Although concern regarding the increased risk for new-onset diabetes mellitus (NODM) after statin treatment has been raised, there has been a lack of evidence in real-world clinical practice, particularly in East Asians. We investigated whether statin use is associated with risk for NODM in Koreans. We conducted a retrospective cohort study using the clinical research database from electronic health records. The study cohort consisted of 8265 statin-exposed and 33,060 matched nonexposed patients between January 1996 and August 2013. Matching at a 1:4 ratio was performed using a propensity score based on age, gender, baseline glucose levels (mg/dL), and hypertension. The comparative risks for NODM with various statins (atorvastatin, fluvastatin, pitavastatin, pravastatin, rosuvastatin, and simvastatin) were estimated by both statin exposure versus matched nonexposed and within-class comparisons. The incidence of NODM among the statin-exposed group (6.000 per 1000 patient-years [PY]) was higher than that of the nonexposed group (3.244 per 1000 PY). The hazard ratio (HR) of NODM after statin exposure was 1.872 (95% confidence interval [CI], 1.432&ndash;2.445). Male gender (HR, 1.944; 95% CI, 1.497&ndash;2.523), baseline glucose per mg/dL (HR, 1.014; 95% CI, 1.013&ndash;1.016), hypertension (HR, 2.232; 95% CI, 1.515&ndash;3.288), and thiazide use (HR, 1.337; 95% CI, 1.081&ndash;1.655) showed an increased risk for NODM, while angiotensin-converting enzyme inhibitor or angiotensin II receptor blocker showed a decreased risk (HR, 0.774; 95% CI, 0.668&ndash;0.897). Atorvastatin-exposed patients showed a higher risk for NODM than their matched nonexposed counterparts (HR, 1.939; 95% CI, 1.278&ndash;2.943). However, the risk for NODM was not significantly different among statins in within-class comparisons. In conclusion, an increased risk for NODM was observed among statin users in a practical healthcare setting in Korea.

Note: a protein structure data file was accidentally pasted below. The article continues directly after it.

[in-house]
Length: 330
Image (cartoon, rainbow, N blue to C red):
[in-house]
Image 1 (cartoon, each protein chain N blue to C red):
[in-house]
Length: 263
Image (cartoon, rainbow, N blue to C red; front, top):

No MeSH data available.


Related in: MedlinePlus